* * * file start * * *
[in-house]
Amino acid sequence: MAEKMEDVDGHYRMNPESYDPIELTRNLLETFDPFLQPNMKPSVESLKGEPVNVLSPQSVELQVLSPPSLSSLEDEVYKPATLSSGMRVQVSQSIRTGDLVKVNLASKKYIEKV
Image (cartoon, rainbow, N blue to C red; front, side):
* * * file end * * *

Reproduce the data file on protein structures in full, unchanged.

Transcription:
[in-house]
Amino acid sequence: MAEKMEDVDGHYRMNPESYDPIELTRNLLETFDPFLQPNMKPSVESLKGEPVNVLSPQSVELQVLSPPSLSSLEDEVYKPATLSSGMRVQVSQSIRTGDLVKVNLASKKYIEKV
Image (cartoon, rainbow, N blue to C red; front, side):